My son is a “highly sensitive” kid. He’s nine years old, and just as I was at that age. Even on a great day, there can be tears. Maybe a moving song in the radio, a sad part in a movie, or simply because he’s spilled his juice and thinks we might be mad at him.
Some days it’s a struggle for all of us, but extra for me, because it’s so hard to identify so much with his pain and not be able to take it away. I remember feeling those intense feelings as a kid, and being told I was, “too sensitive,” like it was a horrible disease.
I was always an “overly” emotional kid, and the people in my life assigned to support me made it clear it was shameful.
As I grew tired of hearing, “too sensitive,” I turned more to food for comfort. I was a “latch-key” kid, and after school meant an empty house. I would overeat in front of the tv, and hide the evidence (wrappers), so no one would know what a pig I had been and ask me to feel worse for it than I already did.
My mother and stepfather called me “Chubs” whenever I would reach for that second snack, so I learned to hide both my overeating and my sensitivity. I would sneak into the kitchen sometimes after everyone was asleep, and binge in my bed.
The purging started a year later; after a girl at summer camp showed me how, and I quickly lost forty pounds.
The next year I discovered alcohol, and found the less I ate, the faster I got drunk. Anorexia became my new BFF.
I entered rehab for the first time for the eating when I was 20. It took years, and A LOT of work, but thankfully, I have found recovery from both eating disorders and alcoholism (not necessarily in that order). It was a painful process to go back to those early years and see how much they shaped my personal narrative. Feelings are bad. Stuff it or purge, but whatever you do, never be “too sensitive.”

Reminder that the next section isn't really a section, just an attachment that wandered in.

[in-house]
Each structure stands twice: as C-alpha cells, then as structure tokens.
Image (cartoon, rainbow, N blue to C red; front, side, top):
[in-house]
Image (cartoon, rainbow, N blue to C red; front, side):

What I didn’t do is suggest he was being “too sensitive,” to just “get over it,” or ask him to understand that kids are just kids.
What I did do is let him cry and tell me how it all made him feel. When I felt he was ready, I told him that no one ever has the right to put their hands on him. I told him I didn’t expect he ever would want to, but that he had every right to defend himself if someone hurt him intentionally.
Then I told my son the truth — that kids pick on other kids when they’re not comfortable with themselves. When we feel bad, sometimes we treat other people poorly, because we want them to hurt like we do.
I told him that people who are happy with themselves don’t often have the time or desire to say or do mean things to other people.
I asked him if he ever thought it was fun to be mean to other kids, and he said he didn’t. He told me he doesn’t like to hurt people, and I suggested that might be because he’s truly happy in his heart and comfortable with who he is.
I told him how much I identify with his feelings and how intense they can feel all the time. I told him he was somehow gifted with a heart just like his mama’s. He has my hair, my eyes, my button nose, and my smile. From where I was standing, there seemed only one thing he has that I never did — a mama like me.
I may not always say, do, or be the right thing for my kids; that’s for sure. But that day, I was EXACTLY what that little man needed. I was the strong voice that assured him it’s okay to feel his feelings, even when they’re hard. That he can be okay, even if he feels like he’s not, because there’s nothing he can’t tell me that we can’t work out together.
I was support, and love, and acceptance. I was a pair of ears to listen, and two arms to hold him tight.
I was his mama.
And that was enough.